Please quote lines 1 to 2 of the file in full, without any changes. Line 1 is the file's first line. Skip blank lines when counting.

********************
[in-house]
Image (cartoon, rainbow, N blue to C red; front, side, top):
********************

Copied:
[in-house]
Image (cartoon, rainbow, N blue to C red; front, side, top):